Graduate Lunch Talk: Paul Fanto, Yale University, “Particle-number projection in the finite-temperature mean-field approximation”

Event time: 
Tuesday, June 14, 2016 - 12:00pm to 1:00pm
Sloane Physics Laboratory (SPL), 3rd Floor Lounge See map
217 Prospect St.
New Haven, CT 06511
(Location is wheelchair accessible)
Event description: 

Finite temperature mean-field approximations are computationally efficient methods for predicting statistical properties of nuclei, particularly the nuclear level density, which is a crucial input to models of nuclear reactions. These theories, namely the Hartree-Fock and Hartree-Fock-Bogoliubov approximations, are formulated in the grand-canonical ensemble. To predict statistical properties in a finite nucleus, it is necessary to reduce these mean-field theories to the canonical ensemble. This reduction is usually carried out by a saddle-point approximation. An alternate and more conceptually satisfying approach is the particle-number projection, which exactly cancels the contributions of any states without the correct particle number. In this talk, I will discuss our application of the exact particle-number projection to these grand-canonical finite-temperature mean-field approximations. I will present a straightforward projection formula for the Hartree-Fock theory, which is appropriate for nuclei without strong pairing condensates, and more complicated formulas for the Hartree-Fock-Bogoliubov theory, which is applied to nuclei in which the pairing condensate is strong. For the latter theory, I will discuss both a general projection expression applicable to condensates with time-reversal invariance and a simpler expression for the BCS limit, which is realized in nuclei with spherically symmetric condensates. Finally, I will discuss our results for the canonical energy, canonical entropy, and state density in specific nuclei. We benchmark our results against the shell model Monte Carlo, and we compare our results with the results from the more commonly used saddle-point approximation.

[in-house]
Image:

Open to: 
Yale Community Only